Sunday, May 25, 2008

Gai xinh - teen 9x

Scent, and particular perfumes, are often the basis for some of the most powerful memories. Actress Bernadette Peters recalled her first fragrance memory.

"My earliest fragrance memory was of my mother's," said Peters. "She wore Arpege, so when I look at a Lanvin purse, I look for that little lady that they sometimes hang from a medallion, because I remember that used to be on the bottle. She always wore perfume. There was something called Sen-Sen that you put under your tongue. It's another fragrance that you put in your mouth, and then your breath smells sweet. Sometimes when she was out of Sen-Sen she'd put perfume in her mouth!"

Designer Zac Posen, who will release his first fragrance for women in December and is also working on a fragrance for men, remembered certain packaging first and foremost - something often more interesting than the smell of fragrances themselves.

Beauty girl hot

Designer Vera Wang was honored with a Hall of Fame award, presented by New York Ranger Sean Avery and current Vogue intern, where Wang was once a fashion editor. Did Avery think hockey or fashion was more vicious? "That's an interesting question," laughed Avery. "I would definitely say hockey. I think fashion is certainly tough and competitive, but it's definitely not as physically dangerous as hockey."

Wang was humbled to be receiving the award.

"It's something beyond my dreams," Wang said. "My mother adored fragrance, she educated me in fragrance. We lived in Paris a great deal throughout my life, so fragrance has been a part of my upbringing. But to somehow win an award for fragrance - a Hall of Fame award - is inconceivable to me."

As for Wang's own future fragrance plans - currently she has four fragrances for women and one eau de toiletteessential oils, "where price is not an issue at all and it's just a totally luxurious product," she said for men - she'd like to do a line of

Hot Bikin fashion

Escobar, who came to Scotland four years ago, said she sees fashion as a tool to help women overcome poverty by taking traditional, local materials and molding them into high-priced luxury items. She said tanned fish skins have long been used in Russia and Japan, where they were used to bind sword handles.

She has worked with Mapuche Indians in South America and women in Senegal where she sent them a technique for using fish skins based on their own method of treating goat skins.

As well as a source for helping the poor, making money and giving life to her creative talents, the 37-year old Escobar also has fish to thank for her love life. She met her boyfriend at an aquarium while doing research.

Bikin fashion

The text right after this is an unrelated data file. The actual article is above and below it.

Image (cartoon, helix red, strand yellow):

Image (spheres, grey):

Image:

Chilean fashion designer Claudia Escobar, that's who.

Not only did she see a source of cheap raw material in the masses of salmon skin discarded worldwide every year, she has managed to make it into a line of luxury clothing.

Her Lycra-trimmed, ultra-mini salmon-skin bikini, which she describes as durable and elastic, sells for about 250 pounds ($494.9) and a pair of trousers fetches around 750 pounds. Workers receive half the sale value and there is almost no overhead, she said.

"Many people who lived near rivers and oceans have used fish throughout history. It's not my original idea," she said, speaking in Edinburgh's port area. "It's amazing, it's a used product and you transform it into a product with added value."

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Rachel Bilson

"One time she and I were in London, outside having a ciggy," continued Arpino, "and you'd just look up and see Agyness' face everywhere, on billboards, on the bus. She said to me, 'Look at that!' She was gobsmacked."

Agyness, said Arpino, is the first to express amazement at her ubiquitousness.

"Even she thought being called an icon was a bit much," he said. "She doesn't like to say, 'I'm the next Kate Moss.'"

Deyn currently is the face of Burberry and Giorgio Armani campagins, along with House of Holland, her friend and fellow Brit Henry Holland's label.

Elizabeth Hurley

British mannequin company Rootstein Mannequins first immortalized Deyn five years ago with a mannequin after discovering her on a fashion shoot and decided that the time was right to do a revival of her mannequin. It's the first time they've ever brought a girl back, said Kevin Arpino, Rootstein's creative director, at an event at Rootstein in New York on Thursday, May 22, to celebrate the Agyness Deyn mannequins.

"She has such a great individual style," he said. "She's fresh, and a model who's real. People want to see that. She's a chameleon, and she's worked hard to get where she is."

A large part of Deyn's charm, said Arpino, is how down-to-earth and genuine she is. "She's a really lovely person," he said. "She's a darling to work with, she always turns up on time, and she'll offer you a cup of tea."